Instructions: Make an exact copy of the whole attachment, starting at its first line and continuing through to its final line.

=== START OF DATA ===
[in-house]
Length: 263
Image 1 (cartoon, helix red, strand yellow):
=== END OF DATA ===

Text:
[in-house]
Length: 263
Image 1 (cartoon, helix red, strand yellow):